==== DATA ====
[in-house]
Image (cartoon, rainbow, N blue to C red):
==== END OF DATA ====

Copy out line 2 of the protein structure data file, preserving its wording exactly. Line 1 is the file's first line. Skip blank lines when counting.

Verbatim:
Image (cartoon, rainbow, N blue to C red):